After a recent exhibition featuring different emerging artists, RAW Streetphoto Gallery opened its latest season on Saturday the 14 March with a solo exhibition by the Italian Photographer, Alice Lucchinelli. The exhibition is titled DANCE QUEERDO DANCE, and it intends to build a podium that celebrates the queerness and weirdness of all the different creatures that live around us. Lucchinelli, thus, created a version of reality that should intrude in the minds of the visitors to question all the securities and misconceptions imposed by the heteronormative society. Lucchinelli encapsulated the identity of six different individuals, members of the Queer community. Their transcendental beauty are shown through photographs and videos, which are unfold the unrestricted and glorious freedom that movement delivers in the heat of the performance. Looking forward to understanding new realms of the art world and the queer culture the team of RAW Streetphoto Gallery has prepared an interview with Lucchinelli.
RAW: Your work is closely focused on queerness, femininity and cultural identity. How did you ﬁnd interest in these topics?
Alice Lucchinelli: For obvious heteronormative reasons, I was born as a woman: gender was handed down to me, along with a stereotypical deﬁnition of femininity. I changed this deﬁnition over the years, discovering its reaches and possibilities, by using my own body and personality as tools. They lead me to build a deﬁnition of femininity that is the complete opposite of what I received at the beginning of my life, and queerness has now become a substantial pillar of my artistic practice. This ﬁrst surfaced while growing up in Italy, where the conservative environment had a restrictive impact on the development of my identity and the identity of my friends. We were all outcasts because of how we all expressed differently, and this restriction lead me to look for the ventures of my artistic expression elsewhere, the reason behind the fact that I have been living abroad for eight years now. The nomadic nature of the research process to ﬁnd my cultural identity has always had the advantage to make me feel at home wherever I would ﬁnd myself. At this stage, I can see how my identity was shaped by all the different places I visited and the variety of people I met over the years, building an intercultural canvas around an Italian core.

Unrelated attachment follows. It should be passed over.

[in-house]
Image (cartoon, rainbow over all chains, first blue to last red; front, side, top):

RAW: Before we dive too much into your most recent work, I would like to ask you about your past. You were born in Italy, do you think that your background shaped the way you see art?
AL: Without a doubt, my background has heavily inﬂuenced and shaped the beginnings of my art career: being born in Viareggio (a small town on the coast of Tuscany) means being constantly and abundantly surrounded by beauty. Many people ﬁnd this beauty to be superﬁcial -mere aesthetics- but I ﬁnd that true beauty tells stories and mysteries of the past, which are still presently relevant to humankind in a universal manner. I carry the worth of this kind of beauty that Italy taught me both in my life and practice, and as a result, I always feel near my home country.
RAW: You have mentioned that you want your art to have an impact on your viewers. In more explicit words, you want your art to make your viewers feel empowered and free from taboos. I was wondering if this is the impact you want to generate in your viewers, what is the impact your art generates in you?